LOS ANGELES — On the heels of a stunning Special Election victory, the California Alliance for Retired Americans (CARA) held its second annual convention, “Turning outrage into action,” in Anaheim Nov. 9-10.

The first day was packed with workshops on everything from effective lobbying techniques to an educational on SB 840, Sen. Sheila Kuehl’s proposal to provide comprehensive health insurance to all Californians. From the start it was made clear that CARA supports a national health insurance program, but that should not preclude CARA members from fighting for a state program. Emily Gold, representing Kuehl’s office, pointed out that a state program would automatically roll into any federal program like HR 676.

CARA delegates voted to work on three political goals for the coming year. First, CARA will commit itself to the campaign to preserve Social Security. State Treasurer Phil Angelides — called “the anti-Arnold” because he is running for governor next year on a pro-worker platform — told the delegates, “I benefited from the social programs of the ’50s and ’60s.” Angelides said guaranteed student loans helped him stay in school when his father was unemployed for three years.

CARA also pledged to fight against privatization of pensions and to work to overturn the recently passed Medicare “Part D” prescription plan. State insurance commissioner John Garamendi explained that it is impossible to develop a pricing matrix because with 47 stand-alone insurance choices in the state, the top 100 drugs used by seniors would result in 56,400 different pricing options. Seniors would have to use the Internet to enroll in Plan D coverage, and then be confronted with the price comparisons for each plan. For the first time in its history, a part of Medicare is totally in private hands, and the government is banned by law from negotiating pricing with the drug companies.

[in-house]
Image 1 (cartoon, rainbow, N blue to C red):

David Grant of Senior Action Network said the new law presents many dangers to retirees. Pensioners covered by a union health plan can lose their entire coverage if they select another prescription plan. Coverage would be locked in, and the consumer would not be allowed to return to the old plan. To press retirees to do just that, Grant said, the Bush prescription law has a permanent late enrollment penalty of up to 120 percent. On top of all this, a gigantic “donut hole” leaves subscribers paying for most of their drug costs before the plan picks up any costs. Garamendi said the plan is not really insurance at all, but a measure to shift costs onto the backs of consumers.

CARA is not waiting for the new law to take effect. Petitions to members of congress call for the law to be replaced with legislation that preserves and strengthens traditional Medicare. Such legislation would provide a new and affordable prescription drug benefit that uses the purchasing power of the federal government to control prices and end drug company price gouging, as well as protections against forcing seniors into profit-first HMO plans against their will. The petitions are available by calling CARA toll-free at (877) 223-6107 or via their web site, www.californiaalliance.org.